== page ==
A recent High Court case makes uncertain the status of certain “upward only” rent review clauses in historic leases granted prior to 28 February 2010.
Legislation has prohibited upward only rent review clauses in all leases granted from 28 February 2010. The Government did not introduce similar legislation for historic leases granted prior to 28 February 2010 for legal and constitutional reasons. However, a recent High Court case, which concerned a dispute over the rent payable by the company behind Bewley’s Café for the lease of its well-known premises on Dublin’s Grafton Street, has cast doubt on the “upward only” effect of certain rent review clauses in historic leases granted prior to 28 February 2010.
In the Bewley’s rent review case, the Court decided that the “upward only” rent review clause in the lease did in fact allow the rent to fall to open market level as long as it did not fall below the initial rent agreed under the lease when it was entered into in 1987. The rent review clause provided that, at each rent review date, the rent was to be the greater of (a) the rent payable during the preceding period or (b) such yearly rent as would be achieved in the open market. The rent review dates were to be every fifth anniversary of the commencement of the term of the lease. The judge held that the reference to “the preceding period” was to the initial five year period of the lease rather than the period immediately preceding the most recent review date.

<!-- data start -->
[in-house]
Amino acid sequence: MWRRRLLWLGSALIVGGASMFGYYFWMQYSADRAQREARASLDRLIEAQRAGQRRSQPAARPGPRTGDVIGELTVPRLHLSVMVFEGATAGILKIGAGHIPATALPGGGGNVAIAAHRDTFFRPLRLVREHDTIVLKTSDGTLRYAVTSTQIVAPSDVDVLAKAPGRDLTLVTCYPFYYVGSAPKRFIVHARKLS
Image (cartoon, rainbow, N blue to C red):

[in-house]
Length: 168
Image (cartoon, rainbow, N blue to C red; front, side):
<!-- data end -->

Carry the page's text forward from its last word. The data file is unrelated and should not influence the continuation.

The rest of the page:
The Court’s interpretation overturns the long understood meaning of the wording used in “upward only” rent review clauses (which is that the rent can never fall at any rent review date) and, at the time of writing, the decision is highly likely to be appealed. The rent review wording used in the Bewley’s lease is more commonly found in leases granted in the 1980’s and 1990’s than those in this century but a significant number of leases with similar wording still exist. Pending an appeal of the Bewley’s decision, even greater scrutiny will be needed in investment property transactions to ensure that the leases of such properties are not affected or, where they may be, that the effect is factored into the price to be offered for such properties.
To view a full article on the case, please click here.
Contributed by Tara Rush.
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